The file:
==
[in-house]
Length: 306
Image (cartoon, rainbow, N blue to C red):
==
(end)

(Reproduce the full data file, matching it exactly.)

[in-house]
Length: 306
Image (cartoon, rainbow, N blue to C red):